His Future Generations Bill is currently going through Parliament, but Bird believes his case has only been strengthened by the Covid-19 pandemic. "We have had an enormous amount of expertise contradicting the orders of other people, and some really crass pieces of thinking," he says. "Six months before Covid hit, the national risk register closed down its pandemic committee because we thought we were better prepared than anybody else. It demonstrates a real inability to think about the future."

He's also extremely concerned about the long-term impact of Covid-19 on poverty and homelessness. "It's colossal; bigger than anything the Big Issue ever attempted," he says. "We work with between 7,000 and 9,000 people a year but if the government doesn't do something about it there will be hundreds of thousands homeless. There are 800,000 people who are behind with their rent and probably another 200,000 in the mortgage sector. We're talking about large numbers of people who, through no fault of their own, have lost their prosperity, and the government has yet to supply us with a roadmap as to how to get people out of slipping into homelessness."

Bird has set up the Ride out the Recession Alliance as a response to this; a network of businesses and charities dedicated to developing and implementing practical solutions to prevent families losing their homes, and help people remain in employment.

Making a difference

Bird is a firm believer in the power of business as a transforming influence, and would like to see more organisations adopt more of a social focus. "The future is entrepreneurial and social," he says. "That's the kind of material that we've got to be teaching children in our schools; how to look after money, how to look after themselves, to know how their bodies work, and how systems and business works, because the future is not going to be about mass employment.

"You may have a mass industry, but it'll all be hundreds of thousands of little operatives, and children will have to learn to duck and dive, and bob and weave. The best way to do that is by starting entrepreneurially, looking at creating businesses and social opportunity through that." The one thing he would have done differently, he says, is to have adopted more of a broader social enterprise focus earlier on, alongside developing the magazine.

For anyone starting up a business, Bird's advice is to thoroughly examine the marketplace and any competition. "Have you actually looked at what you want to bring in?" he asks. "Are you actually making a difference? An extraordinary amount of people start something up and don't realise that there's somebody doing that already. If you're starting a business, find out all the reasons why you shouldn't start. If you can answer all those then you have probably got a business."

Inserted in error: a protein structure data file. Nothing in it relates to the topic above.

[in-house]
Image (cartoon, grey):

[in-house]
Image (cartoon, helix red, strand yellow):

Outside of work, Bird, now 75, is a keen writer and painter, and cycles to keep fit. "I've also got a 14 and a 16-year-old and they keep me very busy," he says. "I try and look after myself because I have a responsibility to stay around for them." He's not even considering retiring, he adds, especially in the wake of the issues created by the pandemic.

In terms of his own legacy, he regards his greatest success as changing the way in which society views the issue of homelessness. "Until the Big Issue came along, there was a sense, especially in homeless organisations and the way that government programmes were run, that you had a person in need and they sat there and you administered to them," he says.

"What I did was to say you have to include the homeless themselves in their own equation, and they have to be a part of the solution, and not simply a part of the problem. There were too many people involved in doing good, who were really doing it for themselves. They weren't necessarily helping people the way they should. And I helped to challenge all that, saying people should be involved in their own redemption, and stand on their own two feet. And if they can't, you help them until they can."

He's also proud of his recent work in holding government to account. "I would like to be remembered as the person who made government think deeply and carefully about how they spend our money and use our resources," he says. "They're not their resources; they're our resources. We appointed them. I would like to be seen as one of the thinkers who got government to do that."